The Toyosu market opens with traditional prayers for success on Oct. 11. Auctions of seafood, vegetables and fruit were held at the new facilities. (Tsubasa Setoguchi)

Lively bidding calls resounded at the newest incarnation of "Japan's kitchen" early Oct. 11 as the first auctions at the Toyosu fish market got under way.

The state-of-the-art facility, located in Tokyo's Koto Ward, opened for business at midnight after a costly two-year postponement.

Its predecessor, the aging Tsukiji market in Chuo Ward, formally closed Oct. 6 after 83 years in operation.

Bidding on tuna at the relocated market started at 5:30 a.m., and several hundred fish went under the proverbial hammer.

The room temperature in the auction hall was set to 14.5 degrees to keep the fish fresh. The floor is painted green to make it easier for prospective buyers to check the red flesh of the fish.

A small fire broke out on a turret truck around 2:50 a.m. but was extinguished about 30 minutes later, according to the Tokyo Fire Department. No one was injured.

Unlike the old market, the new buildings have a closed structure to ensure stable room temperature control and improved hygiene.

Bidders bumped up the prices as a gesture of celebration of the grand opening of the new market. A 214-kilogram tuna from Minmaya wharf in Aomori Prefecture fetched the highest price of 4.28 million yen ($38,000) among the tuna, while a 400-gram box of sea urchin meat fetched 200,000 yen.

Eager buyers from restaurants and fish retailers celebrated with their familiar dealers in the intermediate wholesale section, comprising about 490 stalls.

Banners reading "First Shipment" fluttered at the shopfronts as turret trucks went back and forth carrying the inaugural purchases.

"There are problems to be sorted out, but I'm excited that we are the first traders to start the history of the Toyosu market," said Hiroshi Utagawa, the third-generation owner of Daiyoshi, an intermediate wholesale business founded in 1940.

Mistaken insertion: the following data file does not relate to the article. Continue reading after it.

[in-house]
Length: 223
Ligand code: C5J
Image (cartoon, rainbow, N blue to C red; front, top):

The Tokyo Metropolitan government spent 570 billion yen to build the facility, which sits on 40.7 hectares of land, making it about 1.7 times the size of the Tsukiji market.

A few buyers could be seen holding a map to navigate their way through the sprawling complex.

“It's going to be backbreaking until I get used to it,” said a sushi restaurant owner with a laugh.

A woman who works at the market and lives in Arakawa Ward said, “It used to take me 30 minutes to get to the Tsukiji market, but it took an hour today, and the train fee is also double.”

Sushi restaurants, along with other eateries and shops that were at Tsukiji market, have also moved to the new location. They will open to the public and tourists from Oct. 13.


The metropolitan government decided on relocation of the Tsukiji market in 2001.

In 2008, high concentrations of benzene, about 43,000 times the environmental safety standard, were detected at the site formerly occupied by a Tokyo Gas Co. factory.

After being elected governor of Tokyo in 2016, Yuriko Koike decided to postpone the relocation due to safety concerns.

Steps to decontaminate the site were not done properly, and benzene concentration levels remained high, pushing back the opening by two years.

Work to dismantle the Tsukiji market started Oct. 11. The area will be converted into a car depot by 2020 to transport athletes and coaches for the Tokyo Olympic and Paralympic Games.

(Naomi Nishimura, Noriyasu Nukui and Yuka Ariyoshi contributed to this article.)